During your development process, you may need to show off your work from a browsable URL but you aren’t quite ready for a deploy or even a check in. For example, you might want to do some easy mobile testing on your device of choice, or you may have an eager customer that wants to see your latest and greatest. Alternatively, your application might have webhooks to other services that require a public URL.
There are several options you could consider. You could use a cloud service like Microsoft Azure or [Amazon Web Services](https://aws.amazon.com], but you’ll need to register, configure, and eventually pay. Now is great, but it only serves up static files. Ngrok is full-featured and robust, but if you’re looking for a quick solution with minimal configuration you should look elsewhere.
I prefer Localtunnel and its amazing simplicity. Its simplicity should not be taken as a deficiency, as others have noted. Once I download the package, all I need to do is tell Localtunnel the port I am working on—then I get back a public URL I can share with anyone in the world.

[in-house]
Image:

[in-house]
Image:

You can get Localtunnel from a Node.js package. (If you need Node, download it from this site, and of course confirm the installation by typing
node -v in your shell.)
To get started, install Localtunnel from NPM:
npm install -g localtunnel
Then, once your localhost server is running, enter the following in the shell (change your port appropriately):
lt --port 8000
That’s it! You’ll get back a randomized subdomain URL to share:
your url is: https://cqjfkqyjve.localtunnel.me
Optionally, if you’d like a friendlier subdomain, you can use the subdomain parameter to specify one:
lt --port 8000 --subdomain dave
Localtunnel then gives you a custom subdomain. You can use your desired subdomain as long as no one is using it when you are requesting yours.
your url is: https://dave.localtunnel.me
You can share this link with anyone in the world, as long as the
lt session remains active.
To find out more about Localtunnel, head over to their GitHub repository. From there, you’ll also see that you can use an API as well. If you’re looking to share your localhost with little to no thinking or configuration, give Localtunnel a shot.